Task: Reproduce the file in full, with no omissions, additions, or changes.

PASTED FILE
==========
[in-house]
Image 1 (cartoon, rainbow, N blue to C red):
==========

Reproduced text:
[in-house]
Image 1 (cartoon, rainbow, N blue to C red):